Whether Hendriksen's view is completely accurate or not, one thing is certain. The name of Onesimus, not yet mentioned by Paul, is nevertheless in the background of all that Paul wrote in these verses. A part of the delicacy and charm of the epistle lies in the very hesitation on the part of Paul in bringing up what must have been considered to be a very unpleasant subject with his friend Philemon. Paul cleared the ground and cultivated the soil very carefully planting the name of Onesimus in Philemon 1:1:10.
For I had much joy and comfort in thy love, because the hearts of the saints have been refreshed through thee, brother.
Fundamentally, Paul's only hope for Onesimus had its fountain in the kind of man Paul knew Philemon to be; therefore, he dwells upon that before making his request. In the last analysis, he will ground his appeal on the fact that Philemon is "a brother." "No higher compliment can be accorded to any Christian." "In the Greek, the warm address, brother, comes at the end, throwing even greater emphasis upon it."
 R. C. H. Lenski, op. cit., p. 959.
 Donald Guthrie, New Bible Commentary, Revised (Grand Rapids, Michigan: Wm. B. Eerdmans Publishing Company, 1970), p. 1189.
Wherefore, though I have all boldness in Christ to enjoin thee that which is befitting,
Paul never for a moment relinquished his right of command as an apostle of Jesus Christ; but this verse, with the next, has the effect of saying, "Please do not consider the request that I am about to make as an order; it is not that at all, but an earnest plea from brother to brother."
Though I have all boldness ... to enjoin ... "This is a distinct assertion of the right to command."
Why did not Paul utter that command? There can be no doubt the Philemon would have obeyed it, whether as a formal command or an earnest entreaty. The answer must lie in the fact that had any apostle written a commandment for Christian slave owners to free their slaves, the whole posture of Christianity with regard to the loathsome institution of slavery would have been altered. Persecutions, already looming, would have been a thousand times more vindictive and destructive; and slaves by the thousands would have "accepted" Christianity whether converted or not, and a revolution would have been precipitated. Yet, we do not believe that it was fear of the consequences that caused Paul to make the approach he made here. He did so because it was right; it was the way of the Lord; for Christianity does not operate in the social order as dynamite, but as leaven.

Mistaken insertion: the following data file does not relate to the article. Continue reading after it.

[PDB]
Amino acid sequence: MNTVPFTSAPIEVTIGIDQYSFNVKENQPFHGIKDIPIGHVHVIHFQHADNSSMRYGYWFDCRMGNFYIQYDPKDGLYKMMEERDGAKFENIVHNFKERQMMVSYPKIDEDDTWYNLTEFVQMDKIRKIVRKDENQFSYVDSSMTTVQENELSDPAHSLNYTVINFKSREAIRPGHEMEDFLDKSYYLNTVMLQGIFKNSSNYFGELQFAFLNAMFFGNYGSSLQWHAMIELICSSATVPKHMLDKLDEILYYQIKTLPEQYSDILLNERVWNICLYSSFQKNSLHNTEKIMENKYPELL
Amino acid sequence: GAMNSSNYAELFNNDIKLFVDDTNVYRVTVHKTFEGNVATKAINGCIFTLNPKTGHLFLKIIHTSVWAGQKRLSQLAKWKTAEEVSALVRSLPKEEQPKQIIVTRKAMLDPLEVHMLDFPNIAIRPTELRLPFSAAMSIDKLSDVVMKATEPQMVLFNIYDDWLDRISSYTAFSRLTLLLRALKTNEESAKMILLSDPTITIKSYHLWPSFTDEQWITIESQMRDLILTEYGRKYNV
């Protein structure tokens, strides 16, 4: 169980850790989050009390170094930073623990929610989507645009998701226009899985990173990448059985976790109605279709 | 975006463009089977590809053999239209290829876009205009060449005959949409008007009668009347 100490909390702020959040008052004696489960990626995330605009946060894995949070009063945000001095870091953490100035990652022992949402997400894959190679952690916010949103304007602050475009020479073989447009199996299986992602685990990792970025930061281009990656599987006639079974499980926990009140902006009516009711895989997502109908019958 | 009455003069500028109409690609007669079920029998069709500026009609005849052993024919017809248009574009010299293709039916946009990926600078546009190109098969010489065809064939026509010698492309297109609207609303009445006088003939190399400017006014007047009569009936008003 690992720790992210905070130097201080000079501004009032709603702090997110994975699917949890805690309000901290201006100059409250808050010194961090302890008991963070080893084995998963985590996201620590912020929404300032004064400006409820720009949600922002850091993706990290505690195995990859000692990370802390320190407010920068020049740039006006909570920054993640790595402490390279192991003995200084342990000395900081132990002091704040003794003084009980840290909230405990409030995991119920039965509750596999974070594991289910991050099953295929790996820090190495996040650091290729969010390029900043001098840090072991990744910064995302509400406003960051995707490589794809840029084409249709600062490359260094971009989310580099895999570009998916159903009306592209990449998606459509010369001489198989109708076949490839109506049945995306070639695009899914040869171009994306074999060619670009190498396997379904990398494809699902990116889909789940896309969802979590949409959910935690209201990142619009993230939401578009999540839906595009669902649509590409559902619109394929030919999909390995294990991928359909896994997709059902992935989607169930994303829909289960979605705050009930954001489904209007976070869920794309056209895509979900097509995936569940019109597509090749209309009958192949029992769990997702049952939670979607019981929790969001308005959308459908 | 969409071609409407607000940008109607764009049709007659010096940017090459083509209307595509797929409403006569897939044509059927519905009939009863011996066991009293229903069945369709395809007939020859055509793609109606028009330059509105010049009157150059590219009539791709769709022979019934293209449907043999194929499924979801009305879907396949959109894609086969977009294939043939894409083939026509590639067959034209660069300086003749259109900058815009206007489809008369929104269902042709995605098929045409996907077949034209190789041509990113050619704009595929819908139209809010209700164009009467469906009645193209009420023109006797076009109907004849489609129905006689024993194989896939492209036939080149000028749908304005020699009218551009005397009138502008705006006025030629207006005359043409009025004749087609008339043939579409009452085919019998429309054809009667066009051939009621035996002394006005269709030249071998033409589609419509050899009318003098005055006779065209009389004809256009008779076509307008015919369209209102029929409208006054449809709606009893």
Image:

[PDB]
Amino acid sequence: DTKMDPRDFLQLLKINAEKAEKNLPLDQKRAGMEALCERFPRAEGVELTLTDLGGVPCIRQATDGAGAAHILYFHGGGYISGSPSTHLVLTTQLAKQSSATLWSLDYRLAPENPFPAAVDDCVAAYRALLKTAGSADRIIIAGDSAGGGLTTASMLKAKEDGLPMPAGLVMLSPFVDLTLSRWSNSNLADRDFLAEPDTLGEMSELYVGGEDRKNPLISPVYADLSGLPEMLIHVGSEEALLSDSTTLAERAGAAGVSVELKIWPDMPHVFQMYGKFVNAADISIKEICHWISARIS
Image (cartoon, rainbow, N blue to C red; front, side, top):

yet for love's sake I rather beseech, being such a one as Paul the aged, and now a prisoner also of Christ Jesus:
In Paul's times, ambassadors were practically all "old men"; therefore the word for "old men" came to mean also "ambassador." Some distinguished scholars have translated it that way, and it is given as an alternative reading in the ASV margin. However, we believe Lenski is right in saying:
We prefer the reading "old man" to the inferior reading "ambassador," which some commentators prefer by appealing to Ephesians 6:20. The whole idea of ambassadorships is, however, incongruous to the present connection; no commentator has been able to work it into Paul's thought in a convincing way.
Some have objected to the fact that at the approximate age of sixty years when this was written, Paul was not old. In a relative sense, however, he was old. And for one Whose life had been marked by the toils and hardships endured by the beloved apostle, it is not unlikely that many of the visible signs of old age were exhibited in his person.
I beseech thee for my child, whom I have begotten in my bonds, Onesimus,
See introduction for background material on Onesimus. Many conjectures have been made as to how he came in contact with Paul, but all of them are mere guesses. It should be remembered who Onesimus was. He was a runaway slave, and the heartless Roman law demanded the most awesome penalties. "For the smallest offense he might be scourged, mutilated, crucified or thrown to the wild beasts." But Philemon was a Christian. Yes, but a Christian nevertheless influenced by the laws and customs of his day, and it was by no means certain that the spirit of the holy gospel would enable him to rise above it; hence the pleading, pathetic urgency of this precious intercession.
My child, whom I have begotten ... This was a metaphor well known to the Hebrews. "If one teaches the son of his neighbor the Law, the Scriptures reckon this the same as if he had begotten him" (quotation from the Jewish Talmud). By such words as these Paul identified himself with the cause he was pleading upon behalf of the slave.
 J. B. Lightfoot, op. cit., p. 321.
 Newport J. D. White, op. cit., p. 214.
who once was unprofitable to thee, but now is profitable to thee and to me: